Judicial system shake-up will provide alternative to police custody and prison sentences

Electronic tags for criminals are to be introduced in the UAE, offering an alternative to jail for those who commit minor offences.

People found guilty of crimes carrying a sentence of less than two years, such as theft and dishonoured cheques, can be put under house arrest instead of behind bars under the reform.

The monitoring devices, also called GPS bracelets, track the location of the person wearing it.

The tag, which will be introduced after a federal law was issued in September, can be used for suspects on trial, those on bail and for house arrest. Anyone convicted of the same crime twice will not be eligible.

Legal consultant Hassan Elhais, of Al Rowaad Advocates, said the tagging system “applies only to crimes that carry sentences of less than two years and do not include mandatory deportation”.

More serious crimes, such as sex and drug offences, will not be included.

Prosecutors will be given the authority to replace police custody with house arrest.

Electronic tagging could also be used to reduce fines against defendants.

“If a suspect was found guilty and sentenced only to pay a fine, Dh100 should be reduced from the amount of the fine for each day spent wearing the GPS bracelet,” Mr Elhais said.

If the tracking tag causes any health problems, the wearer can apply for it to be removed by lodging an official medical report to back up the complaint. If successful, the person will be returned to police custody.

Mr Elhais said that the law gave judges the freedom to decide when the tag should be used on a case-by-case basis.

It also grants convicts under house arrest the right to request to leave the country for some time, if they give their destination, reasons for travel and return date.

The matter is subject to prosecution and court approvals and if granted, time spent outside the country will not be taken off the suspect’s sentencing.

Prisoners jailed for between two and five years, who have already served half of their sentence, will also be given the opportunity to apply to serve the remainder of their term under house arrest.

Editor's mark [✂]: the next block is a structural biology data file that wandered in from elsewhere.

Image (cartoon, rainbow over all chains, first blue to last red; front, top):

“The request should be filed to prosecutors who will determine the convict’s behaviour during imprisonment and if they pose a risk to community members or national security before filing a report to court,” Mr Elhais said.

If the request is rejected, the prisoner can apply again after six months.

The police station closest will regularly visit the prisoner’s home to check the device and submit reports.

Detainees are also required to keep police aware if they want to move house or work.

“Some people who undergo investigation for a crime, but then are excluded after evidence shows that they were not involved, will certainly praise this practice,” Mr Elhais said.

He said the law would provide a boost to members of the prisoners’ immediate families, who may be affected by their imprisonment.

“UAE laws are designed to punish the person who commits the crime and not those who surround him, like his family, and the GPS bracelet further boosts this principle,” Mr Elhais said.

It is not yet known when the bracelets will be introduced.

The UAE is increasingly turning to technology to dispense justice.

Only last week, Public Prosecution announced it was exploring ways to introduce artificial intelligence into legal proceedings.

In September, it was revealed that courts in Abu Dhabi are to allow trials to take place with the use of video conferencing in cases where it is inconvenient to bring defendants from prison.

Abu Dhabi Judicial Department said the move would speed up the judicial process.

Tagging already in use across the world

Electronic monitoring is used in a number of countries.

The punishment is widely used in England to monitor curfews and conditions of a court or prison order through a tag, usually attached to the ankle, which sends location data to a base unit in a place stated in the convict’s court or prison order.

In Italy, house arrest is commonly imposed on felons who are close to the end of their prison terms, or those whose health prevents them from being housed in a prison.

New Zealand uses it extensively to ensure that convicted offenders subject to home detention remain within approved areas.